Every provider knows that finding enough patients to take part in clinical trials is tough and involves a painstaking search.
An estimated 40 percent of clinical trials close early because they do not have enough patients, according to Bobbie Rimel, MD, a gynecologic, oncologist and associate director for Gynecological Clinical Trials at Cedars-Sinai Medical Center.
Rimel designs the clinical studies and finds the patients.
Clinical trials are necessary to test cutting-edge treatment and for improving patient outcomes. But with close to half of trials fizzing out prematurely, the return on investment is not always there.
Rimel found a way through artificial intelligence to search through records for patient matching for much better recruitment and ROI.
Working with a vendor, Deep 6 AI, Rimel uses AI software to read patient charts for the correct terms needed to meet study criteria.
“It’s designed to be able to look into the record and pull the language,” she said. “It’s designed to take inclusion and exclusion criteria and pull out the bits of language.”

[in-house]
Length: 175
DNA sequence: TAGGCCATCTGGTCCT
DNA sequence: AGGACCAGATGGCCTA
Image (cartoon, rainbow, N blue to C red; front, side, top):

AI finds patients as close to the same as possible. This is difficult because not all doctors document in the same way. Many use abbreviations, and not all of these are the same.
The software cuts through the different spellings and abbreviations to pull out the information. Not only that, the AI software learns from past queries. It can then search using the same specific references for breast cancer and the type of cancer.
“That’s what makes it incredibly powerful,” Rimel said. “It knows ‘I think this is what you mean here.’ That’s incredibly powerful. Say it nine different ways, in a different font; it’s close enough.”
The correct inclusion of all patients with the same type of cancer also ensures that those who fit the criteria are given the opportunity to take part in a clinical trial — and that may the biggest reason of all to apply AI in this case.
“This is a pretty powerful opportunity for hospitals,” she said.